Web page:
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From some calculation, I have a distribution of discrete data $(i,P_i)$ and then want to get the median based on this distribution. Naive way is to create a list

list = Table[Sum[p[[j]], {j, i}], {i, n}]

then find the first element greater than $0$:

pos = Position[list, _?(# >= 0.5 &)][[1, 1]]

but this way is pretty slow, especially when I have a very large amount of data. The reason is I have to do Sum everytime. I did several attempts to speed up, such as

list = Table[0, {i, n}]
For[i = 1, i <= n, i ++, list[[i]] = If[i == 1, p[[i]], list[[i - 1]] + p[[i]]]]

or even smarter by using Accumulate

Accumulate[p]

and then do same Position operation. This made everything much faster and I'm pretty happy with it. I'm wondering whether some similar function is already in Mathematica, so we don't have to manually implement this. However after lookup the Median, I have no results relate to this. Do you guys have any idea?

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    $\begingroup$ Have you seen EmpiricalDistribution[]? $\endgroup$ – J. M. is away Oct 15 '18 at 17:44
  • $\begingroup$ @J.M.iscomputer-less thank you! $\endgroup$ – RoderickLee Oct 15 '18 at 18:04
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To elaborate a bit on what J.M. hinted at, this is one way of achieving what you want with EmpiricalDistribution.

First let's get an example table of pairs of {value,probability} like you showed in your question

list = Transpose[{Range[10], #/Total[#] &[RandomReal[{0, 1}, 10]]}]

{{1, 0.0538923}, {2, 0.00538521}, {3, 0.158895}, {4, 0.10697}, {5, 0.0799713}, {6, 0.17624}, {7, 0.112601}, {8, 0.128191}, {9, 0.156779}, {10, 0.0210756}}

Then we make this into a EmpiricalDistribution:

dist = EmpiricalDistribution[list[[All, 2]] -> list[[All, 1]]]
Plot[CDF[dist, x], {x, 0, 11}, Filling -> Axis, Exclusions -> None]

CDF plot

Here we use the syntax where we have used the probabilities as weights to single sample examples to get the right distribution. If you have your original data sample before binning that's even better as an input and EmpiricalDistribution will do the binning for you.

Now we can easily get the median by calling Median on our distribution:

Median[dist]

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    $\begingroup$ Thanks for following through. ;) One thing: you could have used Normalize[RandomReal[{0, 1}, 10], Total] as well. $\endgroup$ – J. M. is away Oct 15 '18 at 18:00
  • $\begingroup$ @J.M. Ah, cool idea! Just thought about #/Norm[#,1]&, but haven't thought about using Normalize in that way! $\endgroup$ – Thies Heidecke Oct 15 '18 at 18:11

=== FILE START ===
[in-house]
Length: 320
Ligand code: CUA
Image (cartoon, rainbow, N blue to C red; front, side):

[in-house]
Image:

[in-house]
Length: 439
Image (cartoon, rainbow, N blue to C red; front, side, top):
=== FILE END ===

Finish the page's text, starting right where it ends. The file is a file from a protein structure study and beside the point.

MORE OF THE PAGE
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You can also use WeightedData as follows:

SeedRandom[1]
list = Transpose[{Range[10], #/Total[#] &[RandomReal[{0, 1}, 10]]}];
wd = WeightedData @@ Transpose[list];

You can use Median or Quantile with wd

Median[wd]

5

Quantile[wd, 1/2]

5

Alternatively,

Median[EmpiricalDistribution[wd]]
Quantile[EmpiricalDistribution[wd], 1/2]
InverseCDF[EmpiricalDistribution[wd], 1/2]

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If it is really about performance, here is some inspiration.

Some data...

n = 10000000;
i = Range[n];
SeedRandom[1];
p = Normalize[RandomReal[{0, 1}, n], Total];

Thies' solution (with timing):

Median@EmpiricalDistribution[p -> i] // RepeatedTiming

{0.332, 4999860}

klgr's solution:

{0.18, 4999860}

Median[WeightedData @@ {i, p}] // RepeatedTiming

Computing the CDF and using Nearest to determine the elements closed to 0.5:

With[{P = Accumulate[p]},
 If[P[[#]] < 0.5, # + 1, #] &@Last@Nearest[P -> i, 0.5]
 ] // RepeatedTiming

{0.046, 4999860}

Computing the CDF and using good ol' BinarySearch to determine the element closest to 0.5 (breaking ties in favor of the largest element below 0.5):

Needs["Combinatorica`"]
With[{P = Accumulate[p]},
 Ceiling@BinarySearch[P, 0.5]
 ] // RepeatedTiming

{0.023, 4999860}

Using OP's idea in a CompiledFunction (breaking ties in favor of the largest element below 0.5):

First compile

cf = Compile[{{p, _Real, 1}},
   Block[{P = 0., i = 0},
    While[P < 0.5, i++; P += Compile`GetElement[p, i];];
    i
    ],
   CompilationTarget -> "C",
   RuntimeOptions -> "Speed"
   ];

and then compute

i[[cf[p]]] // RepeatedTiming

{0.00568, 4999860}

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    $\begingroup$ I don't think that the method with Nearest always gives the correct value for the median with a discrete distribution. Consider i = Range[5]; p = {0.1, 0.39, 0.3, 0.01, 0.2}; Nearest[Accumulate[p] -> i, 0.5]. The result is 2 when the median is 3. $\endgroup$ – JimB Oct 16 '18 at 4:03
  • $\begingroup$ @JimB Thanks for the hint. I was in the wrong assumption that the median were defined as the element in the list with cummulated probability closest to 0.5. Instead, we have to look for the smallest element with cummulated probability above to 0.5, right? I fixed the code, also for the binary searches. I hope that it is correct now. $\endgroup$ – Henrik Schumacher Oct 16 '18 at 6:50
  • $\begingroup$ A median (rather than "the" median) for a univariate probability distribution is any value such that at least half the probability is below that value and at least half of the probability is above that value. For some discrete distributions that could result in 2 possible values that satisfy that definition. $\endgroup$ – JimB Oct 16 '18 at 13:06

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